Tuesday, November 11, 2014

Jim Costa: "Godfather" of high-speed rail losing re-election

It's still in some doubt, but Congressman Costa is now hoping that the count of mail-in and provisional ballots will win the election for him. 

The Wall Street Journal in 2012:

The project's godfather is Democratic Congressman Jim Costa, who as a state senator in the 1990s wrote legislation creating California's High-Speed Rail Authority and helped plan the 500-mile route between San Francisco and Anaheim. Before being elected to Congress (in 2004), he also authored a $10 billion state bond initiative to finance the project. Lawmakers in Sacramento postponed that initiative until 2008, fearing that California's recurring budget crises would make it a hard sell. But sell it they did. The rail authority promised voters that the train wouldn't require a subsidy and that the feds and private sector would pick up most of the $33 billion tab. Expecting a free ride, voters leapt on board and approved the initiative in November 2008. Not long afterward, the authority raised the price to $43 billion.

Recall that one of the first federal pork payments to the state for high-speed rail went to the Central Valley in 2010 to help re-elect Costa:

The federal government’s most recent $900 million grant to the California High-Speed Rail Authority came with a string attached: most of the money had to be spent, not in Los Angeles or San Francisco where most potential rail patrons are located, but in the central valley. Handed out just before the election, the grant was a blatant attempt to help the re-election effort of U.S. Representative Jim Costa. It might have made a difference, for despite the fact that Costa’s district leans heavily Democrat, he won over an unknown Republican candidate by a mere 3,000 votes.

Streetsblog thought that was terrific.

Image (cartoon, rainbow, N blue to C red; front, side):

Costa's opponent made high-speed rail an issue:

The Secretary of State's close contests site.

The letter below shows that not all California members of Congress support this boondoggle. The California High Speed Rail Authority is trying to get the federal Surface Transportation Board to rule that federal law pre-empts state law and CEQA on the project.

See also Union Pacific's letter to the Surface Transportation Board warning that it still opposes allowing the high-speed rail to use its track in its proposed "blended" system with Caltrain. This is not a new stand by Union Pacific, since it sent a warning letter to the High Speed Rail Authority more than four years ago.



At 3:38 PM, Anonymous Anonymous said...

Another fact free headline

: #CA16 Rep. Jim Costa (D) takes lead over GOP challenger Johnny Tacherra. Fresno County votes push Costa ahead

At 4:22 PM, Blogger Rob Anderson said...

Sorry to hear it, even though I'm a Democrat. But the head was accurate when written, since Costa was behind then.

Costa deserves to lose, but at the very least this campaign shows that the high-speed rail project isn't popular in the Valley.

At 9:32 PM, Anonymous Anonymous said...

How does Costa's re-election by the majority in a Republican wave election show that HSR is unpopular?

Is that the same math that says that since 37 percent voted for Prop L that the citizens are rejecting the anti-car policies of City Hall?

At 9:57 AM, Blogger Rob Anderson said...

Costa hasn't been elected. He leads by only 86 votes with several thousand ballots to be counted.

He's in danger of losing in an election where high-speed rail was an important issue raised by his opponent. Got it?

I of course never claimed that the Prop. L vote showed that "citizens are rejecting the anti-car policies of City Hall." I said that the total number of votes for Prop. L---now more than 79,000---was a good base for the continuing opposition to those policies.

At 7:19 PM, Anonymous Anonymous said...

So you guys are going to go out and get 39 percent next time?

The Prop L vote showed that citizens are EMBRACING the anti-car policies of City Hall. And given that the average age of those voting for prop L was 62, and those voting against it was 31, it's only going to get worse for your ilk.

At 10:12 AM, Blogger Rob Anderson said...

Like to see some evidence for the voting age claim.


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